Across the road from the Gopal Swamy temple is the Narayana temple. Like the former, this temple too has a high wall around it. The most striking feature of this temple is the stone pillar in front of it. About forty feet in height, the pillar has an iconography representing Vishnu on all four sides. However, it appears that the pillar has, over time, lost an object that would have crowned it. Could this have been an image of Garuda, Vishnu’s vehicle? We may never know the answer. Between the pillar and the temple entrance is a small stepped tank, used for cleansing purposes. This is the main shrine of the village and there are always a few people around. Inside the temple, the structure looks like that of the Krishna Gopal Swamy with a central shrine in the middle of a courtyard. However, you feel the difference when you enter the shrine.
At the beginning of the sanctum, there is a solitary skylight, all sides of which are rich in iconography. Unfortunately, electricity is not as omnipresent as the Lord and you will probably have to feel your way to the inner sanctum just I had to. Of singular architectural importance in this temple is that the inner sanctum is protected by a wall at the back. The space between the wall and the shrine thus forms a parikrama where devotees can move around the shrine in ceremonial prayer. Within the sanctum, the place comes alive when the priest lights a small lamp. As the flame gradually increases and touches the far corners of the sanctum, you look around in wonder at the idols tucked away into alcoves all around, forming a protective army for the main idol of Vishnu.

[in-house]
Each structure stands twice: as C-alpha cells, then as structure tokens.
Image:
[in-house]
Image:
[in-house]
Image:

There are many stories about Kere Thonnur. One gives it a different name – Kere Thondanur or simply, Thondanur, which was a provincial capital of the Hoysalas. Another speaks of this place as having been visited by the saint Ramanuja in the 11th century. This story holds that Kere Thonnur was once ruled by a King called Bitti Devaraya. When his daughter fell ill and no one could heal her, the King – till then a staunch Jain – sought the help of some Vaishnava scholars who had come to the place. It is said that Ramanuja, one of the visiting scholars, healed her by merely looking at her. The grateful king is believed to have become a follower of Vishnu from that moment onwards. The inscriptions on the temples here give evidence to their being examples of 12th century Hoysala architecture. How did a provincial capital become such a back-of-the-beyond hamlet? Why do the temples here have outer walls that resemble fortifications? Again, there are more questions than answers here. The lake here was formed when an embankment was created between two hills trapping the water on one side. In 1746, Nasir Jang, the visiting son of a Subedar of the Deccan named it Moti Talab.
Just as I was leaving the Narayana temple, the dark clouds that had been gathering for a while opened up with all their intensity. There are two more temples in the village, but the last I saw of one of them was the priest hurriedly locking up and rushing off in the mounting rain. That is reason enough for me to go back another time. After all, the Lord never answers all our questions at one go, does he?
Kere Thonnur is in Mandya district of Karnataka. The best way is to go there is through Srirangapatnam, 127 kms from Bangalore. From there, drive through Pandavpura to get to Kere Thonnur, which is about 20 kms from Srirangapatnam.